May 28, 2007

Want changes? Do something!

Oh, enough already! Sexist MPs, public fund wastages, environmentally unsustainable policies, and no press freedom to perpetuate the whole madness. Despite all that, fear not for we can always take matters in our own hands. Here are some mini projects that we can start off with.

Green gyms

"It's going to be the end of the world! We've got to do something! But what can we do?"

Green gym was inspired by desperate cries of people realising the seriousness of climate change. We need energy but the all-powerful energy/oil companies aren't going to embark on sustainable ways to provide them yet; at least not until we run out of oil and boil our earth to bits in the process (or freeze, depending on how the climate changes, or where you are apparently).

Now, there are many ways to harness clean energy besides burning cheap CO2-emitting coal or gas, such as harnessing them from the growing number of urbanites pointlessly running on thread-mills and riding stationary bicycles in gyms. What a waste. Sure they're exercising but why not make them useful too. Think of the gym as one big and complex dynamo battery.

We can take this further and implement this system in our homes! That way everyone has to exercise regularly.

"If you want lights tonight you better run on your thread-mill first!" We can then have a "green" and healthy society! How wonderful.

Ok, so green gyms won't provide us with all the energy we need and I honestly don't know how feasible that is, but the point is that there are so much energy wastages around and also alternatives to the way we're destroying or using up our limited resources.Ê

Bodyguards for women

"Damn, I wish I had bodyguards!" my friend Mariam lamented in frustration. Well, why not?

Lobbying for legislation that protects women's rights can be an arduous affair. What more when we have sexist MPs. In the meantime, we will just have to deal with our day-to-day problems ourselves.

Aggression is a way which some men use to intimidate or bully women. Mariam had the worse experience simply having to hire a lorry when "moving house". She was "persuaded" to pay an exorbitant sum for services she didn't need. It was complete extortion and bullying. When patronising her didn't work, the male mover's demeanour became aggressive with the aim to intimidate and threaten.

There is nothing in our law that women can use against intimidation, unless words like "I will beat/kill you" were actually said. Mariam's visit to the police was met with the following response, "Lain kali biar dia pukul sajalah, baru ada kes!" (Next time let him hit you so you can have a case!)". It doesn't look like Mariam has many options.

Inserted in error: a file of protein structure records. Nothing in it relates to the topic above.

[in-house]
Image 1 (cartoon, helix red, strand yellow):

Well, Mariam has had enough of being bullied and intimidated. She wants gender-sensitised "bodyguards" on-call for women when encountering "at risk" situations. Had there been "bodyguards" with her that day, chances were that she would not be intimidated. Anyone who wants to help her kick start this project, please email Why wait for changes to happen from the top when we can do something about it now? A community in Bario, Sarawak, is doing just that.

Community-based micro-hydro project

In 1999, the former Rural Development Minister officially opened a mini-hydroelectric project in Bario, Sarawak. The project which cost the federal government RM12 million failed and was abandoned after only one day in operation because the river was too small to generate power for the dam's power station. Now, their community has been organising themselves and raising their own funds to install a smaller micro-hydro system instead. This will provide the village with a constant supply of clean and renewable energy at the fraction of the cost of diesel power. (Volunteers can contact them at

Such initiative for community-based renewable energy has already been successfully implemented elsewhere in Belaga, Sarawak. Built at a cost of RM180,000, a 10 kilowatt-capacity micro-hydro dam has been providing constant and sustainable source of energy to light their bulbs at night and develop their cottage industries, without affecting much of the environment.

Simply being pessimistic and ranting about our problems alone is a bad reflection of our own community. We can be proactive to make positive changes in many ways.

Published in The Sun Mon, 28 May 2007